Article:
The thing that’s so astounding about this is, ordinarily, the Jews wouldn’t have anything to do with Roman money. Rome kept them subjected. Taxed. Humiliated. A lot of Jews wouldn’t have accepted Roman money. But these Capernaumites received this Roman centurion into their midst, made peace with him, allowed him to build them a synagogue, and allied themselves with him to a point where they were willing to petition Jesus on his behalf. Somehow, the enemy centurion  found a way to change the enemy Jews and make them his friends.

Roman rulers and officers, as you would expect, are mightily proud. Jews were nothing to them and they used every opportunity to make the locals feel like dirt. They like to rubbed their power in their face and remind them they were a subjected people. Losers. Powerless against the might of the Worldwide Roman Empire.

But this centurion’s different.  (3) He’s humble—at least in the presence of his superiors or greatness (Luke 7:6-7). Jesus is a Rabbi. He’s no army man. He wields no political power. He’s vastly popular with the people. But He’s got no army! There no earthly reason why Rome would fear a fellow without an army. But the centurion knows something diffent about this Rabbi because he lives and works in the same city where this Rabbi lives and works. The Rabbi has power of a different sort. At His command, demons go. Diseases are healed. The sick are restored. The centurion recognizes authority when he sees it and he stands in enough respect for the Jewish Rabbi to place unbridled, undiminished faith and hope in Him to heal a dying slave. The centurion’s humble enough that he considers himself unworthy to have such a guest—a Jewish guest—in his home.

So what am I saying? I’m saying this Roman centurion was different. He was unlike most Roman rulers and officers. He was a decent human being. He had a heart. He was loving. Compassionate. Caring. Respectful. Considerate. Humble. Peaceable. Generous. An Ambassador of Goodwill. In a land of war and enmity, hatred and death, the centurion found a way to make peace and win the hearts of his enemies.

THE PALESTINE THAT IS AMERICA TODAY

That was back then in Jesus’ time. Now let’s fast forward to our time and the  real world in which we live today. Like the centurion, we live in a world that hates, despises, and persecutes us. We’re the enemy. We’re unwanted and unloved because of the Jesus we follow and the Bible we believe. Take a public, vocal stand on abortion, homosexuality, same-sex marriage, prayer and Bibles in our schools, praying to Jesus in the public square, the Ten Commandments, need I say more?, and you will know the hatred and slander of those who oppose our Savior and our God.

Come into the workplace and, like the centurion, you step into an office or a factory where people hate your guts. They just don’t like you and they use every opportunity and tactic to let you know that. Take a wider step into the community and it’s like everybody’s against you. They’re not nice or respectful to you. They’re not decent by any means. Some would even kill you if they could.

Like the centurion, you’re faced with a quandary and a dilemma. How do you make peace with the enemy? How do you reach out to those who don’t like you  and who don’t want you to be around them? How do you get the enemy  to accept you or at least be nice to you? How do you be peaceable in an unpeaceable world?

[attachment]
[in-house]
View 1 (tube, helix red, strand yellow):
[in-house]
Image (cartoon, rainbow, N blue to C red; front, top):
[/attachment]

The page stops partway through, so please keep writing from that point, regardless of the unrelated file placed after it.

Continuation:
The centurion was not like most of the Romans of his day. He was different. He was a man and a breed apart. TO WIN THE HEARTS OF PEOPLE—maybe not everyone, but at least the locals where you’re at, the Capernaumites of your office, factory, family, or community; YOU’VE GOT TO BE A DIFFERENT SORT OF CHRISTIAN.

Your enemies know Christians to be heathens like them. Unscrupulous. Unethical. Thieves. Crooks. Gossipers. Back biters. Hypocrites. Liars. Drunks. Fornicators. Pornos. Gamblers. Carnal. Selfish. Ad infinitum.  Thanks to the unchurched, untaught, uncrucified Christians-so-called, Christians have a black eye in the world and people just don’t have a whole lot of respect for Christians.

YOU’VE GOT TO PROVE TO THEM YOU’RE DIFFERENT. YOU’VE GOT TO SHOW THEM YOU’RE DIFFERENT. LET THE LIFE, LIGHT, AND LOVE OF CHRIST SHINE THROUGH YOU. IN TIME THEY’LL SEE THAT YOU’RE A DIFFERENT KIND OF CHRISTIAN THAN THE CHRISTIANS THEY’RE USED TO  SEEING. In time they’ll come to admire and respect you. YOU’LL CHANGE THEM WHEN YOU CHANGE YOURSELF. OR CHANGE THEIR PERSPECTIVE OF WHAT A TRUE CHRISTIAN’S REALLY LIKE.

To get the centurion’s results you’ve got to be like the centurion. Be a decent human being. Quit being selfish or self-centered. Quit thinking about yourself all the time. Have  a heart for people. Be loving. Compassionate. Caring. Respectful. Considerate. Humble. Peaceable. Don’t treat people like dirt. Don’t make sinners feel like dirt. Don’t rub it in their face. Show them the love of Christ. Show them there’s hope of a new life in Christ. Be an Ambassador of Goodwill. Go out of your way for people. Put your money where your heart and mouth are. Be generous and kind. Give. Help. Bless. Watch your mouth, your temper, and your thoughts. Overcome evil with good. Pray for them. Ask God for wisdom and He will show you how to tear down walls and build bridges. In Jesus’ words in the sermon on the mount, Love your enemies, bless them that curse you, do good to them that hate you, and pray for them which despitefully use you, and persecute you (Matthew 5:44). And in Romans 12:21, Overcome evil with good.

You’re not going to win everyone. We live in a hostile world and there’ll always be people who aren’t going to like you. But, like the centurion, if you persist in goodness and look for ways to win the hearts of people, God will give you grace and favor and you will win the hearts of those whom God intends for you to touch and change through His Spirit, power, and love working in and through you. God bless you and make you a modern day centurion, a man of peace, in the unpeaceable Palestine that is America today.